Morning Brief

Yellen and other Fed speakers dominate this summer week on Wall Street

Key Points


U.S. stock futures were mixed this morning after a strong Friday rally. Investors looked past nagging concerns about softer wage growth in an overall solid June jobs report. May consumer credit at 3 p.m. ET is the only government economic report today. (CNBC)

Fed Chair Janet Yellen appears on Capitol Hill on Wednesday and Thursday. The central bank is widely expected to begin to chip away at reducing its $4.5 trillion balance sheet in September. A third interest rate hike this year is seen as possible in December. (CNBC)

Oil prices declined this morning, adding to heavy losses at the end of last week, on the back of high drilling activity in the U.S. and ample supplies from OPEC and non-OPEC nations. (Reuters)

* Saudi Aramco CEO: Oil market could see inflection point; confirms IPO still on track for 2018 (CNBC)

Investors have pulled an estimated $26.7 billion from Goldman Sachs Asset Management's mutual funds in 2017, according to Morningstar data, making Goldman the world's worst-selling fund manager globally. (FT)


Donald Trump Jr. has acknowledged meeting with a Russian lawyer, linked to the Kremlin, during the 2016 presidential election, after being told she allegedly had information that could help his father's campaign. (CNBC)

After a weekend of criticism of President Donald Trump's plan to create a cybersecurity unit in cooperation with Russia, the president tweeted he actually didn't think it would happen. (CNBC)

As lawmakers return to Washington after their July recess, Sen. John McCain said the GOP's effort to replace Obamacare is "probably going to be dead." But fellow Republican Sen. Lindsey Graham said he supports the bill. (USA Today)

Treasury Secretary Steve Mnuchin said the Trump administration is not considering a plan to raise taxes on the wealthiest Americans in order to pay for tax breaks for the middle class. (Reuters)

Amtrak is starting extensive repairs today to tracks and signals at New York City's Penn Station. The work, scheduled to last through the end of August, was initially scheduled over a few years on nights and weekends. But two recent derailments accelerated plans. (AP)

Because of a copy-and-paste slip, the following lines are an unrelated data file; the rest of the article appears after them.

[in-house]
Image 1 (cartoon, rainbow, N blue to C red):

A huge blaze broke out overnight at the famous Camden Market in London. The London Fire Brigade said 70 firefighters and 10 engines were sent to the popular tourist attraction. Major fires have hit the market twice before, in 2008 and 2014. (BBC)

Shares of Wanda Hotel Development spiked over 150 percent after the unit of Chinese conglomerate Dalian Wanda agreed to sell 76 hotels and 13 cultural and tourism projects, including theme parks, to China's Sunac for nearly $9.3 billion. (CNBC)

Elon Musk tweeted over the weekend photos of the first production unit of Tesla's (TSLA) highly anticipated, less expensive Model 3 sedan. The initial 30 customers get their electric cars at a party on July 28. (The Verge)

As part of Amazon's (AMZN) third annual Prime Day, which kicks off at 9 p.m. ET tonight, the e-commerce giant is cutting its Echo home speaker price by 50 percent, and the Echo Dot by 30 percent. (The Verge)

Facebook (FB) cut the price of its Oculus Rift virtual reality headset and related gear for the second time this year. A bundle of the headset, controllers, and games is now $399 for the next six weeks. (CNBC)


ClubCorp (MYCC) agreed to be bought by Apollo Global (APO) for $1.1 billion in cash, or $17.12 per share, a 30 percent premium to Friday's close. ClubCorp is one of the largest operators of private golf clubs in the U.S.

Wells Fargo (WFC) won preliminary approval from a California judge for its $142 million settlement with consumers whose credit scores were harmed by the creation of fake accounts in their names.

Volkswagen's (VLKAY) then-chief executive and other executives were reportedly told the automaker's diesel emissions cheating scandal could cost up to $18.5 billion, about a month before investors were informed.

Apple's (AAPL) market share for renting and selling movies is falling, according to the Wall Street Journal. The market share is now between 20 and 35 percent, down from 50 percent as recently as 2012.


"Spider-Man: Homecoming," the third reboot in the past 15 years, debuted at the top of the North American weekend box office with $117 million in ticket sales. Last week's top film, "Despicable Me 3," dropped to second with $34 million. (AP)